• Chris Scott

    “If your favorite author decided on an ending to their newest book that you did not like, would you demand that the book be rewritten to suit your needs? NO.

    If a movie you had been waiting to see for a long time ended in a way that you didn’t feel fit the film correctly, would you demand that the ending be refilmed? NO!”

    People do this all the time. Stephen King had death threats tossed his way over the ending to The Dark Tower. And films are even worse, Hollywood test screens many films months in advance and if the ending doesn’t test well with live audiences they call the cast and crew back in to change it. And sometimes if they aren’t changed before release, studios alter the endings for the home release and they market the product based on that fact.

    Does Bioware have the right to tell the story however they wanted? Sure, it is their story but as fans and customers we have the right to tell them we think their story sucked. Do some people go too far? Yes but then again shouldn’t we expect that of them. The word fan is short for fanatic and fanatics are crazy people. However for every crazy person that is out there, there are a score more of people that are unhappy with how Bioware finished out their story and by their story I mean, the gamer’s. Bioware spent five years building up the fact that Shepherd was the player’s character so in a sense it is just as much their story as it is Bioware’s.

    Personally I haven’t finished the game yet so as for my own reaction to the ending, it will have to wait. But I can state that I have major issues with the storytelling in the game as a whole. I think its sloppy and oftentimes forced and so far I’ve found it to be a giant disappointment, so much so that I’ve had a hard time getting into the game at all and have been more than happy to spend my gaming time with other, less high profile titles. I find this incredibly sad because ME1 and ME2 are two of my favorite games this generation and I was quite looking forward to finishing my Shepherd’s journey.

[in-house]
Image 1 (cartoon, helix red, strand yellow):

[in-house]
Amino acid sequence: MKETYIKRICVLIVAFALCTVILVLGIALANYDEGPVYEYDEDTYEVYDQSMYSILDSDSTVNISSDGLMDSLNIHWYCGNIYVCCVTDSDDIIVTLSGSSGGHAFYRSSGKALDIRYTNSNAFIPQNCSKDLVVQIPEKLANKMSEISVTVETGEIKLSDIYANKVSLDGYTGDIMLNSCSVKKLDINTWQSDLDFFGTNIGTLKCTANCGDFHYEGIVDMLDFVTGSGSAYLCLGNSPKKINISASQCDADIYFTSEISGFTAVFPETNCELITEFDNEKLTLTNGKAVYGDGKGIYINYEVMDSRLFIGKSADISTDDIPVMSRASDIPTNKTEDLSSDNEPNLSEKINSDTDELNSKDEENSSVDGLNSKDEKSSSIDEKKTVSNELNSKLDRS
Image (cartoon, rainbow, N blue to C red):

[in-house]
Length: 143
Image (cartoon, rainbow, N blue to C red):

• Your mention of Stephen King plays right into what I’m talking about here. No matter how many threats or complaints he got, he never budged and never changed a thing about his work. His artistic integrity was kept in tact all the way through. Bioware needs to do the same thing. Once one person or company caves under the pressure of the vocal minority, where does it end? People will feel even more entitled to get their way on everything.

    Is it ok to hate the ending? Of course it is. As you say, Fans have a right to tell the studio they think it sucked if they feel that it did. It’s a whole different ballgame when people start demanding that the ending or story be changed or altered to fit into some expectations that people have created for it themselves. It is impossible to please everyone, and it is an extremely slippery slope for anyone or any company that tries.

  • Chris Scott

    If that was your point, then you didn’t lay it out very well. You unfairly question why jilted gamers would demand such action after stating with authority that fans of books and movies would not do such a thing, when in reality all types of creative media suffer these same types of criticisms.

    Additionally you seem to disparage those that disagree with your viewpoint on the ending, claiming them to be whiners, naysayers and trolls and lumping all those that dislike the ending into the same group that is demanding the ending be changed. Voicing a dissenting opinion on the ending and demanding a new cut are two mutually exclusive actions, grouping them together is unfair.

    But even those that are on the extreme end, demanding a new ending, organizing petitions or even filling FTC complaints are only voicing their displeasure. Much like you these people are passionate about Mass Effect. But while you are happy with your experience they are not and so they voice their displeasure via extremely passionate, and arguably misguided, means. Would Bioware’s creative integrity be called into question if they bowed to these complaints? Most certainly but at this point they haven’t made a change and if they do, it is a decision they will have to live with creatively.

  • Joey Alesia

    Honestly, after beating the game and seeing the ending, I’m torn. The writer part of me feels that it is BioWare’s story to tell and they told it. And for them to alter it in any way now would set a dangerous precedent for future games. The other issue is that within a day or two of the release, people took up their torches and pitchforks and were out for blood. So, even if BioWare had something planned that they didn’t mention, now if they were to release it they would look weak and as if they were giving in. Also, it could be people misread the ending. There’s an “Indoctrination theory” which may have been their original intent all along. The fan part of me does feel somewhat slighted. Not by the last fifteen minutes, but by the “ff7 style” no explanation portion of the ending.